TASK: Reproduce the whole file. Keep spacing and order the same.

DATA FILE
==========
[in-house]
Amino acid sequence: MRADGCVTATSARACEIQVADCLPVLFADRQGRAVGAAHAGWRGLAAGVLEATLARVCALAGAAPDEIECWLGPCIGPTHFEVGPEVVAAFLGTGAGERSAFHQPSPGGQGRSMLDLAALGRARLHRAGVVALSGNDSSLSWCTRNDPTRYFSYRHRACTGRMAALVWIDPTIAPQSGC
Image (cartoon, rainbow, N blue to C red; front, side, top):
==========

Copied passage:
[in-house]
Amino acid sequence: MRADGCVTATSARACEIQVADCLPVLFADRQGRAVGAAHAGWRGLAAGVLEATLARVCALAGAAPDEIECWLGPCIGPTHFEVGPEVVAAFLGTGAGERSAFHQPSPGGQGRSMLDLAALGRARLHRAGVVALSGNDSSLSWCTRNDPTRYFSYRHRACTGRMAALVWIDPTIAPQSGC
Image (cartoon, rainbow, N blue to C red; front, side, top):